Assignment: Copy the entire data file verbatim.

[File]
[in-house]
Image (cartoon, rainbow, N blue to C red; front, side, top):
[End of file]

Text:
[in-house]
Image (cartoon, rainbow, N blue to C red; front, side, top):